Are we moving fast enough for the times? Dubai’s Municipality Circular #207 mandate for BIM reveals a shocking skills shortage within Australia’s AECO industries. And little interest in bridging the gap.
August 6th, 2018
So… USD$15,500,000,000,000.00. How’s that for preamble? I’m sure it has got your attention. It should – after all, as the value pipeline of the global construction industry forecasted for 2030, this mighty coffer of 15.5 trillion ‘big ones’ is allegedly what we’re all – engineer, architect, project manager, facility manager, supplier and property expert – hysterically trying to plunder.
Having said as much, it pains me to inform the vast majority of you that it’s unlikely you’ll receive a cut. The time has finally arrived for us to axe the culture of entitlement that is so endemic to Australia’s AECO industries. And in typical Australian fashion, we’re late to the party.
Despite unprecedented levels of local and foreign direct investment, our construction, architecture and engineering sectors remain sluggish, languishing in a mess of regulation and project management. Redundancies loom large. Inefficiencies prevail. And our approach to project financing is an embarrassing farce.
Two years ago, flourishing development potential in the Middle East prompted government bodies to shove a kibosh on the independent agency of architecture firms and consultancy practices. When Dubai’s primary public body – The Municipality – issued Circular #207 in 2015, it became the first federal authority in the Middle East to mandate the compulsory use of building information modelling (BIM) for big-ticket projects.
Hosannas were screamed across the Emirate. Finally, the world’s biggest meal-ticket megalopolis could mobilise investment capital, increase AECO employment capacity and accelerate development always before deadline, always under budget.
Pursuant to BIM, Circular #207 joins the ranks of comparable federal mandates throughout the United States, Europe and parts of Asia, all of which are profoundly transforming not only the process of construction and design, but also the business of construction and design contracting. In Dubai’s case, the rationale is direct and indisputable.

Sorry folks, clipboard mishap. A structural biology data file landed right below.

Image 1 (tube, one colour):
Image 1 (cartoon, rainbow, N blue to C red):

After the successful project management of the Midfield Terminal Complex development, Abu Dhabi Louvre Museum, Dubai Opera and all projects associated with the Road and Transports Authority, government officials and private investors alike applauded BIM’s potential to reduce construction costs, risks and stakeholder dissatisfaction.
By thwarting sizable inefficiencies, lax due diligence and imprudent asset identifications, Circular #207 stands as the Middle East’s first and sharpest clarion call to a new culture in the built environment: improved standards and protocols, more cost-and resource-effectiveness and, ultimately, a stronger foothold for the nation’s AECO industries overall.
As BIM adoption across the world continues to build momentum responding to these enforced mandates, the position of Australia’s architecture, engineering and construction communities comes under fire. In a recent report from the International Specialised Skills Institute, a mere 51 per cent of this professional community is engaged with BIM processes, implemented across only an approximate 30 per cent of its projects.
Such uninspiring numbers have led many to question the viability of our combined industries, drawing attention to unprecedented fragility in our national competitiveness.
As BIM adoption rates in this country remain in question, we watch on as UK and US companies enter our market with experienced and results-driven BIM methodologies. Given the volume of ‘leadership’ chest-beating coming from Australia’s architecture, construction, design and engineering sectors, we’re interested to know where these apparent hordes of ‘leaders’ have gone.
Hypocrisy and marketing aside, our characteristic lack of collaboration and efficiency in construction supply chain management threatens millions of dependent contractors, facilitators and, down to the national bottom line, the strength of our national GDP.
And yet, whether blue-chip or boutique, firms of all sizes and degrees of clout continue to run traditional operations (yes, a Revit file does not a BIM approach make) that, although superficially improved, at their core have remained impervious to the passing of 30 years.
With no transparency up and down the supply chain, much of the data and perspicacity of our combined practice is siloed, held in isolation and pertaining to a landslide of esoteric data sets.
We remain at a loss to access the evolving taxonomy of building elements. We remain at a loss to connect the IP of our Baby Boomer upper-executives to the Millennials who are becoming our workforce’s late majority. We remain at a loss for that $15.5 trillion. We remain at a loss.
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